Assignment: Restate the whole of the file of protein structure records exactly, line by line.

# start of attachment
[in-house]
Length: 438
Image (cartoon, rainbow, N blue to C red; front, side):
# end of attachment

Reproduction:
[in-house]
Length: 438
Image (cartoon, rainbow, N blue to C red; front, side):